The accountant and music minister: Huskey grew up with church music in his blood

Sunday, November 6, 2011
Jerry Huskey of Bethany Baptist Church in Cape Girardeau. (Laura Simon)

Jerry Huskey grew up with church music is in his blood. The Bethany Baptist Church music minister grew up in a small country Southern Baptist Church near De Soto, Mo., where music was a family affair.

"The church was attended by many of my relatives including my Grandma Kingsland, who was the piano player and also taught the children chorus songs on Wednesday evenings," Huskey said. "She would sit at the piano with her back to us kids and lead us in the songs. Even with her back to us, she knew when we were acting up."

In addition to his grandmother, who held a music degree from a seminary in Texas, Huskey's parents were also active in the church.

"My mom was also the church pianist for a while and my dad led the singing while I was growing up. I always enjoyed music and singing, and [I] sang in the children's choir and then in the adult choir, as well as the choir in high school and junior college."

Second career

A Christian around 5- or 6-years-old, Huskey's love for God and music would serve him well in the years to come.

"As I got older, my dad stopped leading the music because it was hurting his throat, and so I took over. My college choir teacher showed me how to keep time with my hands, and dad gave me a few ideas about leading music. That was the extent of my formal training in leading music."

Huskey served as the music director at his home church in De Soto, Oakland Baptist Church, for two years, and he later served as the music director at Red Star Baptist Church in Cape Girardeau for eight years. He has served at Bethany for nearly 20 years.

An accountant in Jackson, a second career in the music ministry wasn't something Huskey had planned on.

"I didn't really pursue a career in music ministry. There was just a need at my home church at the time, and I was willing to serve. That is the way it started at Red Star as well. We didn't have a music director, and I said I would do it until we found someone else.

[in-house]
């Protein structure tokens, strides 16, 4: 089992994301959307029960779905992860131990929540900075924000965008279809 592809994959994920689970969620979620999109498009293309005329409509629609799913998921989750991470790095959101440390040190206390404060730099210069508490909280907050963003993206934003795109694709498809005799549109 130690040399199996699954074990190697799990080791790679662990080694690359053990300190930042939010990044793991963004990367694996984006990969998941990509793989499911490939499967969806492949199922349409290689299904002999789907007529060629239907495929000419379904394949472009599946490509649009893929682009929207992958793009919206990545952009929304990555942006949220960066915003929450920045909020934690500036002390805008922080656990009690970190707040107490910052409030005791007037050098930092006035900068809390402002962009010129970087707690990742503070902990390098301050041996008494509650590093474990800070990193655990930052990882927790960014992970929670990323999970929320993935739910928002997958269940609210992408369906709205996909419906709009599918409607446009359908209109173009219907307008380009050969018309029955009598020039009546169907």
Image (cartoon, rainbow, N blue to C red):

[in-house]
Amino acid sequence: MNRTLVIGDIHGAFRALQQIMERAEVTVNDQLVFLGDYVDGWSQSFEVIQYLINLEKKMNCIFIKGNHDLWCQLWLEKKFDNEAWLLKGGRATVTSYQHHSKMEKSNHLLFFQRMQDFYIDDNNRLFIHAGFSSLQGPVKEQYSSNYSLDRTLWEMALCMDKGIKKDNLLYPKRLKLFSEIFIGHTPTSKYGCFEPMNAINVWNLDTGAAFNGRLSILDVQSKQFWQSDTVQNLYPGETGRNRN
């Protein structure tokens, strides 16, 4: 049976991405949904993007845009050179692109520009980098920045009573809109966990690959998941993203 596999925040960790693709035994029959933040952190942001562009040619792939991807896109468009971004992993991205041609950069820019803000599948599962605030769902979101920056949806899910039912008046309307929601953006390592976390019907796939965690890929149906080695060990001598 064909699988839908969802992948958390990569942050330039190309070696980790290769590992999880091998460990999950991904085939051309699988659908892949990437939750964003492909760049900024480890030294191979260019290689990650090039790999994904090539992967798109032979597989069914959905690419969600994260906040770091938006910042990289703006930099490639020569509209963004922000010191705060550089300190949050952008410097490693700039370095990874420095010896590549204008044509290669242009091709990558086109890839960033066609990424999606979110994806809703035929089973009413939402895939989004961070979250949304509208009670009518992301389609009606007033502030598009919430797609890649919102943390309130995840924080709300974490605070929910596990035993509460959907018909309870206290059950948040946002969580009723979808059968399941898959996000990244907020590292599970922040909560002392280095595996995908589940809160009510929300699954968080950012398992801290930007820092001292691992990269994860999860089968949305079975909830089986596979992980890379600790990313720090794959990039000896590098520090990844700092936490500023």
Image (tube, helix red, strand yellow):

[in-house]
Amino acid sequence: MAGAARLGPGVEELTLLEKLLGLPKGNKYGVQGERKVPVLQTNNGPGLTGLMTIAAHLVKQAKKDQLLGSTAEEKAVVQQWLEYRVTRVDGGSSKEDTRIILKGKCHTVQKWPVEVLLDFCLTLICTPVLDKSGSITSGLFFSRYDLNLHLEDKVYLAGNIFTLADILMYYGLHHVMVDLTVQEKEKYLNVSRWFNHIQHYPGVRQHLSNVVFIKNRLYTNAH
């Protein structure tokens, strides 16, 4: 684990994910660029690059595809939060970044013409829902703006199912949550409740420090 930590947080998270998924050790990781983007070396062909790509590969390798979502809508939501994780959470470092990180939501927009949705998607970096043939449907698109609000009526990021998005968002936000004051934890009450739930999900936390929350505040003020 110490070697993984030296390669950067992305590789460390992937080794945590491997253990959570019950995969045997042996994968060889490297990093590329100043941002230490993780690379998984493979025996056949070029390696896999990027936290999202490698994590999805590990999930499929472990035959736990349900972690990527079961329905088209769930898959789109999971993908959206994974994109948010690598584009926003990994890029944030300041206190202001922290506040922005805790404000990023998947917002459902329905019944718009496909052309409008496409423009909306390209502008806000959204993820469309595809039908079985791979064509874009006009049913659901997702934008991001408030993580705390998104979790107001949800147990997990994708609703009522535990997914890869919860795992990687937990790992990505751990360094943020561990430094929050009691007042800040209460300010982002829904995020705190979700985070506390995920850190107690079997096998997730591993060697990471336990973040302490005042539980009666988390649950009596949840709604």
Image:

"I can't recall a moment that I can say God told me to pursue a ministry in music. As I grew up in church, it was just a natural extension of my life. I can remember reading the song book as a child during the preaching service. I read the back of the book that gave the metrical indexes and tune indexes and figured out what they all meant. I looked at the names of the writers of the songs and looked at their birth dates and death dates and I could tell in what era the songs were written. This was all done while the preacher was preaching, but it was educational."

Traditional leader

As the leader of the traditional worship service at Bethany, Huskey leads the congregation in several hymns each week.

"Hymns are a big part of the traditional service. They have lots of spiritual truth, encouragement and edification in them, but sometimes we just sing the song and never realize what they are saying. When you hear a song, it sticks with you. Just sit down and think about the number of Bible verses you have memorized and compare that with the number of songs that you have memorized. Think about the spiritual truth in all of those songs."

Many churches today have contemporary services, including Bethany, where Huskey's son Jason leads the worship band. While Jerry might prefer more traditional music, he also sees the role of contemporary music in church.

"I took some young people to a Billy Graham Crusade in St. Louis several years ago and the stadium was packed. There were several groups who sang before Billy Graham preached. The music was very contemporary and every teenager in the stadium was singing along with the bands. I didn't really care for the songs, but the teenagers all did. When Billy Graham stepped on to the stage after the music, he said, ‘Wasn't that beautiful music!' I decided right then that if it was good enough for Billy Graham then it was good enough for me."

Though music takes up most of his time at church, Huskey is also involved in the AWANA program, the church's finances -- because of his accounting background -- and the fall festival held each year on Oct. 31.

For Huskey, music is not only an important part of the service, it's something that can help people grow in their walk with God.

"My favorite part of leading music is to see a young person develop their talents as they grow. They learn to sing solos or play an instrument and they grow in their faith, service and stewardship to the Lord."

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